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July 24, 2014 | NPR · Seven years after the subprime mortgage crisis, the U.S. economy has not yet fully recovered. Now two economists have come up with new evidence about what's holding the economy back.
 
July 24, 2014 | NPR · Military war dogs serve combat tours, save lives and suffer injuries like the soldiers they serve. On Capitol Hill this week, dogs and their handlers made the case that all dogs should be brought home from war and treated with the respect they've earned.
 
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July 24, 2014 | NPR · Dozens of children have filed complaints saying they were subjected to inhumane treatment at Border Patrol stations. The complaints center on the holding cells, referred to as "freezers" by migrants.
 

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July 23, 2014 | NPR · The remains of passengers of the downed Malaysia Airlines flight arrived in the Netherlands, on what has been a national day of mourning. Most of those killed in the jet that was brought down over Ukraine were Dutch. Robert Siegel talks with Thomas Erdbrink of The New York Times, who is in the Netherlands.
 
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July 23, 2014 | NPR · Even before the double calamity of its two downed flights, Malaysia Airlines was trying to adapt to momentous shifts in Asia's aviation industry. Now, it faces either bankruptcy or privatization.
 
July 23, 2014 | NPR · An uncontacted Amazonian tribe has ended its isolation in Brazil. Fiona Watson, the field and research director for Survival International, explains why this tribal people left its village.
 

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July 19, 2014 | NPR · NPR's Scott Simon talks with David Herzsenhorn of The New York Times about the latest developments in Ukraine, where a Malaysia Airlines passenger plane was downed on Thursday, killing 298 people.
 

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July 20, 2014 | NPR · NPR's Arun Rath gets the latest from correspondent Corey Flintoff at the site of last week's downing of a Malaysian jetliner in Eastern Ukraine.
 

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Morning Edition for December 18, 2013

Dec 18, 2013Financial Times New Delhi correspondent Amy Kazmin speaks with NPR's Linda Wertheimer about the case of an Indian diplomat arrested in New York for allegedly paying her maid below minimum wage. The diplomat was strip-searched and jailed, touching off an angry reaction in India.
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Dec 18, 2013 — The Santa suit is cursed, according to The Wall Street Journal. Consider these former Santa Mets: Center-fielder Mike Cameron got badly injured, right-fielder Jeff Francoeur was traded and pitcher John Maine's career tanked. The list stretches back a decade.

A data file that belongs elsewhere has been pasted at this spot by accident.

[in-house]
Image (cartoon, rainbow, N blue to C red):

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Dec 18, 2013 — A new boss comes in and wants to clean house. For Jersey City's new mayor Steven Fulop, that meant cracking some dusty old safes in City Hall. What would he find? No stash of cash or anything interesting — just an extension cord.
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Dec 18, 2013 — Opponents of a new California law that aims to accommodate transgender students say they've gathered enough signatures to try to overturn it on next year's ballot. The law allows transgender students to use the bathrooms and join the sports teams that match their gender identity.
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Dec 18, 2013 — A school board in Jacksonville, Fla., has decided that one of its schools should no longer be named after Ku Klux Klan grand wizard Nathan Bedford Forrest. He was also a general in the Civil War. Nathan Bedford Forrest High School received its name in the 1950s, and for decades the decision has been debated.
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Dec 18, 2013 — As pro-Europe protests continue in Ukraine, the country's president signs a deal getting billions of dollars worth of loans and gas discounts from Russia. It's the latest move in a tug-of-war over whether that brawny country will align itself economically with Europe or Russia.
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Dec 18, 2013 — Missing the Christmas spirit? Dial-a-Carol may help you get into the holiday mood.
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Dec 18, 2013 — In the Senate, partisan bickering was put on hold for a brief time as senators held a holiday gift exchange Tuesday night. The idea for the Senate Secret Santa gift exchange, which is in its third year, came from Minnesota Democrat Al Franken.
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Dec 18, 2013 — Federal Reserve officials end a two-day meeting on Wednesday amid signs that the U.S. economy is slowly mending. David Greene talks to David Wessel, economics editor of The Wall Street Journal, about the Fed's last meeting of the year.
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Dec 18, 2013 — The Bank of England is announcing it will begin circulating plastic money in 2016 — polymer versions of the paper bank notes Britons have used for more than three centuries. Bank officials say the currency should last longer and be harder to counterfeit.
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more Morning Edition for December 18, 2013 from NPR